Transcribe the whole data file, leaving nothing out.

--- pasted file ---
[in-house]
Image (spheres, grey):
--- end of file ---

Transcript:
[in-house]
Image (spheres, grey):